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Leaving no one behind on justice: New report provides paths for sustainably scaling up access to justice

June 8, 2016
Two men in India
Aubrey Wade, 2015

Access to justice is one of the driving forces of development, and is now recognized with a dedicated goal under the UN’s Sustainable Development Goals (SDGs). Although basic legal services are widely recognized as essential to allow people to access justice, to date efforts to reach marginalized communities have been few and of limited duration. One of the main challenges is how to scale basic legal services in a financially viable manner.

To tackle this common challenge, IDRC, the Open Society Foundations, and the Legal Education Foundation commissioned a report by the UK-based Law and Development Partnership entitled Developing a portfolio of financially sustainable, scalable basic legal service models

Looking at 17 country case studies in context, the report develops a framework for thinking about how basic legal service interventions can be taken to scale in a sustainable manner in low and middle income countries. The report sets out an approach that calculates the costs of taking particular interventions to scale, based on studies of the population’s legal needs, costs of delivery, an analysis of benefits, and the size of the population. To assess affordability in specific countries, the size of the population versus the costs of scaling up are weighed against what is spent from government budgets in other sectors.

The report then goes on to look at a wide range of financing options available for scaling up delivery beyond government funding. Drawing on examples from the health and education sectors, a typology of models spanning national government, donor, philanthropic and private sector sources is developed.

Some of the report’s significant recommendations are:

  • Using legal needs surveys more widely in justice sector interventions, to improve understanding of the scale and type of legal services that are in demand (including criminal and traditional justice systems). The surveys would also provide information about which demands are and are not being met, and shed light on the reasons why.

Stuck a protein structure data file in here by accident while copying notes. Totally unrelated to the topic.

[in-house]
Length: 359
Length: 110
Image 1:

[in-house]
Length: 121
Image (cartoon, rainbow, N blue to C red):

• Piloting innovative financing mechanisms, modalities, and partnerships between donors and private sector impact investors, to open up new and sustainable funding streams, demonstrate the feasibility (“proof of concept”) of these vehicles, and facilitate effective and accountable service delivery.
  • Incorporating the collection of a broader range of cost and benefit data in basic legal service programming to assess the value for money of provision.

The report is expected to help donors, governments, and non-governmental actors determine new and systematic ways of scaling up basic legal services in a sustainable manner. Improving access to justice, in turn, will help states and their populations achieve their commitments made under the new SDGs.

The report will be launched at the Future Directions on Access to Justice Conference: Scaling access to leave no one behind, in Ottawa on June 16-17, 2016.

Read the report summary (PDF, 650KB) and a briefing on Global Goal 16 (PDF, 737KB).